A total of 43 individual small mammals captured between March and September 2017 were morphologically identified and photographed before lung tissues were prepared for genetic species determination by sequencing a short barcoding region of mitochondrial cytb gene. Of the 43 captured animals, 25 were identified both by barcoding and morphology as rats; 24 R. rattus (also called black rat, or roof rat) and R. tanezumi, (also called Asian rat, or Asian house rat) and one (1) rodent was identified as the brown rat (R. norvegicus). Three (3) animals were morphologically identified as Asian house shrews (Suncus murinus), and one (1) animal as house mouse (Mus musculus). Fourteen (14) rodents were not identified genetically, but instead morphologically as R. rattus/ R. tanezumi.
Lung and serum samples were successively screened for orthohantavirus RNA and for antibodies against PUUV and SEOV orthohantavirus N proteins, respectively, by in-house methods [37, 38]. With comparison to internal controls, the negative results obtained from RT-PCR of captured rodents strongly indicate that orthohantavirus RNA was not present in the samples extracted from lung or serum samples of collected small mammals.
Of those, we detected antibodies targeting both PUUV and SEOV N proteins in serum samples of 18 rats. Sera of 7/28 and 3/28 rats captured in Sri Lanka reacted only to PUUV N protein or SEOV N protein respectively. Interestingly, rodent #28 and #33 (R. rattus and R. norvegicus, respectively) showed remarkable OD-values against both PUUV and SEOV N proteins as noticed by ELISA measurements, see Fig. 2A. On the other hand, some rats such as R. rattus #29 and #41 showed higher reactivity against the PUUV N protein than against the SEOV N protein. The ratios in the reactivity against the two orthohantavirus N proteins are shown in Fig. 2B. Other rodent sera such as #18, #20, #24, #36 and #39 showed the reverse ELISA reactivity. The ratios of the OD values were stronger against the SEOV N protein than towards the PUUV N protein. Nearly similar observations were found in an earlier report which used human sera collected in the same region .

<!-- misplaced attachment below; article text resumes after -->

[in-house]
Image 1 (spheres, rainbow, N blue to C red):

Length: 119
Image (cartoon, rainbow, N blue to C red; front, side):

According to the data from Rat leptospira IgG ELISA, it was a surprise to find that only 3 rats (#2, #3 and #8) of the 39 rats fell under the detection limit of the leptospira assay (23.5 pg/ ml). Remaining 36 rats (92%) including genetically identified R. rattus*, R tanezumi ** and R. norvegicus showed leptospira IgG levels in the higher range of the standard curve, see Table 3, Fig. 3, and Additional files 1 and 2. Sera of three shrews (#14, #35 and #37) and one mouse (#22) were not tested for leptospira IgG due to unavailability of anti-shrew or anti-mouse IgG detector antibodies. However, no correlation between the presence of leptospira IgG and orthohantavirus IgG levels was noticed for the collected individual animal samples.
PUUV is transmitted by the bank vole (Myodes glareolus). Bank vole has an exclusively Palearctic distribution with a range across Europe and North-Western Asia. Consequently, our serological data regarding the strong reactivity to the PUUV N protein antigen reflect cross-reactivity to a still unidentified orthohantavirus in Sri Lanka. The higher degree of infection by arvicolid PUUV, often found in a murid reservoir (rats) is confusing, and suggests a cross-reaction with hither to unknown novel hantaviruses. Interestingly, in neighboring South India, having almost the same small mammal fauna as in Sri-Lanka, serious and even fatal HFRS cases, remarkably also mimicking leptospirosis, were described as being caused by a “PUUV-like agent” .